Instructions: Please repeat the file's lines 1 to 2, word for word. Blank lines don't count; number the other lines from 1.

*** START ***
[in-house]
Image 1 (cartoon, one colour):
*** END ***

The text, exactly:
[in-house]
Image 1 (cartoon, one colour):